Given current market sentiment it is perhaps not surprising that MSCI erred on the side of caution and earlier in the week made the decision not to include China A-shares in its Emerging Markets index. However, we believe a small percentage of inclusion, such as 5%, is highly possible in the next year or two.
MSCI has previously indicated the need for Chinese regulators to address some issues prior to China A-shares being included in indices, such as increased market accessibility and capital mobility and the limitation of widespread voluntary trading suspensions. When these issues are resolved, we anticipate it will prompt global investors to increase emerging market equity allocations and shift toward a more holistic “China All Shares” approach to obtaining China exposure that will include China A-shares, H-shares and American depository receipts (ADRs).
Aligning China’s economic representation in global indices
As the world’s second largest economy, China’s position in global equity indices is still relatively low (2.4% weight within the MSCI All Country World Index compared to 53.2% for the US)1. What is currently included in global indices represents only a fraction of the entire Chinese investment universe.
China A-share markets, meanwhile, are some of the world’s largest and most liquid – with a combined market capitalisation of approximately US$6.0 trillion (compared to US$23 trillion for the US and US$4.8 trillion for Japan)2. Yet, at present, global investor participation in China A-shares is less than 3%3. As a result, there is a need to align global index composition to better reflect the size and importance of the Chinese economy to global markets.
Impact on asset allocation
Once China A-shares are added to the Emerging Markets index, an obvious impact will be the increased importance of EM investing. As of June 30, 2015, the amount of assets tracking the MSCI EM index was US$1.6 trillion, compared to US$2.3 trillion tracking the Developed Markets index4. We believe the gradual addition of a US$6 trillion China A-share market will lead to a sizeable expansion of the EM investment universe and market capitalization, making it too big to ignore. Over time, the greater representation of China in the EM index will likely lead global investors to increase their allocations to the EM asset class as a whole.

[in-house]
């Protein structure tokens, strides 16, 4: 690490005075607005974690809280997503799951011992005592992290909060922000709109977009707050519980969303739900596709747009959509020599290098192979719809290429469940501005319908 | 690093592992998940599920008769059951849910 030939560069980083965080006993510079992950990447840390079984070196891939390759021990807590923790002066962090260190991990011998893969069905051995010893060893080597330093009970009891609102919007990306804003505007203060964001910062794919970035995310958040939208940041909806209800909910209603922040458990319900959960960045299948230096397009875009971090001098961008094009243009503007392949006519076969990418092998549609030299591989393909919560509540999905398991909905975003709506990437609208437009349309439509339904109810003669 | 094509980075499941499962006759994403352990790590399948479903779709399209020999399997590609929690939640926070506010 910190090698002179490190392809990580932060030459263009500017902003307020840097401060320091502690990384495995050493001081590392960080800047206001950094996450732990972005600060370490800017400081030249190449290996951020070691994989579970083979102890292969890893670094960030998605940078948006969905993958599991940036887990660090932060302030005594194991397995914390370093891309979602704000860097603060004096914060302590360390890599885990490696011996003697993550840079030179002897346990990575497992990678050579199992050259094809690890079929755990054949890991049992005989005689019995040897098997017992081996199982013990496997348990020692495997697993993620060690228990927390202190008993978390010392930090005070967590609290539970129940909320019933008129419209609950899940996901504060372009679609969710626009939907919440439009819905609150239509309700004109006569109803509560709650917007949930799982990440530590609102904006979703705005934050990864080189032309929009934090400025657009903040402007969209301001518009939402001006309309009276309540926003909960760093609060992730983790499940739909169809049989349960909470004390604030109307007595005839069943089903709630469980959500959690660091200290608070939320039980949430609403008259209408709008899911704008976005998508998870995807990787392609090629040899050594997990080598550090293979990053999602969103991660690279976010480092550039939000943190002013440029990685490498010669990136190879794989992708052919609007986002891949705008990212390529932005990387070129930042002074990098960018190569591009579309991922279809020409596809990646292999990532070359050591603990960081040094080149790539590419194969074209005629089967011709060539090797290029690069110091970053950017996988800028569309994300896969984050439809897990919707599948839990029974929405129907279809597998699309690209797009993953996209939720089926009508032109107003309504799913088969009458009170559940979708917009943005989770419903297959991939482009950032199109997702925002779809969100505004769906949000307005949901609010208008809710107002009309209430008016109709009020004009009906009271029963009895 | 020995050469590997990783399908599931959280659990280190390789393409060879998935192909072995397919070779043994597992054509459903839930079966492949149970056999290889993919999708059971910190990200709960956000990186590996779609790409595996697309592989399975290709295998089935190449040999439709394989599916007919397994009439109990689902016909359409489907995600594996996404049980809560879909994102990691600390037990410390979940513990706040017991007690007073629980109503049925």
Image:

If you get China right, you get EM right
An inclusion of China A-shares will also transform the way investors obtain their emerging markets exposure. Under a pro-forma full inclusion scenario, Greater China markets would represent around 51% of the EM index. If we further include commodity-driven economies like Brazil and Russia, which are highly influenced by Chinese demand, the remainder of the EM index breakdown is very fragmented across various countries. Therefore, making the right investment call about China is likely to be critical when it comes to successful EM investing.
It could also lead to an increase in more dedicated Chinese equity mandates. In our view, more global investors will decide to invest directly in dedicated Chinese equities (and potentially select EM markets), instead of EM equities as a whole, given China’s sizeable influence in the EM.
The current MSCI China index is relatively narrow, consisting of only 155 stocks5, and primarily made up of state- owned enterprises (SOEs). The concentration of SOE ownership is most evident in strategic industries such as utilities (independent power producers), financials (mostly banks and insurance), telecoms and energy. The two phases of ADR inclusion should significantly increase private enterprise exposure within the IT sector and indirectly dilute SOE exposure of existing SOE-heavy sectors. Looking ahead, the potential inclusion of China A-shares should meaningfully shift the ownership dynamics of the MSCI China Index. The MSCI China A index, with its broader constituent base of ~800 companies, is made up of more mid-cap private enterprises, which tend to be more efficient and offer higher return on equity potential5.
What this may mean for asset managers
Similar to global investors, asset managers will also need to adapt to the evolving investment landscape. The Chinese equity universe is expanding rapidly, driven by the emergence of new Chinese listed companies via IPOs, ADR issuances and the anticipated addition of China A-shares to more indices. With less distinction between different Chinese share classes (i.e. onshore versus offshore), traditional offshore Chinese asset managers investing in H-shares and possibly Chinese onshore asset managers investing in China A-shares may need to expand their research coverage to cover all Chinese equity share classes.
1 Source: MSCI, Factset, as of March 31, 2016. China weight refers to Chinese companies listed offshore and does not include China A-shares and Hong Kong companies.
2 Source: Bloomberg, as of March 30, 2016.
3 Calculated using a combination of used balance for the northbound link of Shanghai-Hong Kong Stock Connect and the total QFII and RQFII quotas as of February 2016.
4 Source: MSCI, eVestment, Morningstar and Bloomberg as of June 30, 2015 (latest available data). Assets tracking EM index refers to those assets that track the MSCI Emerging Market Index, while Developed Markets index refers to assets tracking the MSCI World index.
5 Source: Invesco, Factset, as at March 31, 2016.